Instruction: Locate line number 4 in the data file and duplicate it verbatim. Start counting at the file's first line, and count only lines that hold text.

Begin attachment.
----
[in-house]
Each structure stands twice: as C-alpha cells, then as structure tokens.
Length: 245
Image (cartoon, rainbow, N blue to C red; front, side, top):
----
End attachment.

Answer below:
Image (cartoon, rainbow, N blue to C red; front, side, top):